At the Commission’s first meeting, experts from the Urban-Brookings Tax Policy Center and the Urban Institute’s Justice Policy Center briefed Commissioners on how the coronavirus pandemic is shaping public budgets nationwide. Read their analysis – and how policymakers can avoid past mistakes – below.

Criminal Justice Finance in the COVID-19 Recession and Beyond

Richard Auxier, Tracy Gordon, and Kim Rueben | Urban-Brookings Tax Policy Center
Nancy La Vigne | Urban Institute Justice Policy Center
Reposted with permission

The COVID-19 pandemic and resulting recession are putting an enormous strain on state and local governments. 

Beyond the well-known difficulties states and localities face in recessions and the challenges of managing a public health emergency, leaders managing this crisis must also contend with an upwelling of protest and discontent with the funding model for police and other criminal justice programs as well as rising violent crime in some communities.

But policymakers and advocates can turn these challenges into opportunities to enact lasting public safety reforms if they understand the nature and potential impacts of the current fiscal crisis, avoid the mistakes of the past, and focus on changes that are both equitable and effective.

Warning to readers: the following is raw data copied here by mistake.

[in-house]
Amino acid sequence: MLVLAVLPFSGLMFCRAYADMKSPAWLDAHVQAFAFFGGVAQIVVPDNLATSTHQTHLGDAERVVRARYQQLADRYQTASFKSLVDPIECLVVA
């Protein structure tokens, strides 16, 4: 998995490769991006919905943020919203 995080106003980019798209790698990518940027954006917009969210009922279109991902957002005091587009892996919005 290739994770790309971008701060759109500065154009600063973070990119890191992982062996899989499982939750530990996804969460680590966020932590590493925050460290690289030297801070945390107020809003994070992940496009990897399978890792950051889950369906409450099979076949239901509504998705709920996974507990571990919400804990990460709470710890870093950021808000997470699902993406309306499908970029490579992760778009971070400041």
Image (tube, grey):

To this end, the Council on Criminal Justice launched a National Commission on COVID-19 and Criminal Justice. A presentation we delivered at their kick-off meeting is summarized below.

Financing the Four Cs: cops, courts, corrections, and community-based programs 

The major components of criminal justice are: cops (local and state police and sheriffs), courts (criminal courts, plus district attorneys and public defenders), and corrections (prisons, jails, probation, and parole). Community-based programs like Colorado’s Community Reentry program (reentry and rehabilitation) and the District of Columbia’s Cure the Streets program (violence prevention) are also an important component of public safety —and critical for innovation—but less comprehensive fiscal data are available for these programs.